To test this idea, bam1-1 and bam2-1 single and double mutants were combined with the clv2-1 null mutation. While bam1 clv2 and bam2 clv2 exhibited a modest but statistically significant suppression in carpel number compared to clv2 single mutants, the mean carpel number of bam1 bam clv2 triple-mutant flowers was not significantly different from that of clv2-1 alone (Table 1). Thus, clv2 is unaltered bam1 bam2 double mutants, in direct contrast to clv3. This raises the possibility that CLV2 may be necessary for both CLV1 and BAM function, which would imply that the Clv2− phenotype is the combined result of the loss of both the meristem-inhibiting CLV1 pathway and the meristem-promoting BAM pathway.
Synergistic meristem interactions of bam1, bam2, and clv1 null alleles:
To determine the net effect of removing both BAM and CLV1 receptors from the meristem, bam1-1 and bam2-1 mutations were combined with clv1-7 or clv1-11 mutations. clv1-11 is a null allele containing a T-DNA insertion in the coding sequence for the LRR domain, while clv1-7 contains a nonsense mutation that results in truncation of a large portion of the kinase domain and appears phenotypically similar to clv1 null alleles (Diévart et al. 2003). Unexpectedly, bam1 and bam2 alleles significantly enhanced the flower meristem defects in both the clv1-11 and clv1-7 backgrounds (Table 2). To test if these results could be attributed to linked mutations in the bam1-1 or bam2-1 background, we repeated these experiments with the bam1-3 and bam2-3 alleles. Again we observed a significant enhancement of the meristem defect (Table 2). For all combinations, bam1 alleles resulted in a stronger enhancement than bam2 alleles. Interestingly, bam1 caused a stronger suppression of clv3 than bam2 (Table 1).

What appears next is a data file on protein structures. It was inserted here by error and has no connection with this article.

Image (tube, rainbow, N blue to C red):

To assess the effect of removing all three receptor kinases on meristem development, bam1-1 bam2-1 clv1-11 and bam1-1 bam2-1 clv1-7 triple-mutant plants were generated. In both cases the bam1 bam2 clv1 triple mutants exhibited rather extreme phenotypes, with the mean number of carpels per flower >8.6 for the clv1-11 combination (Table 2).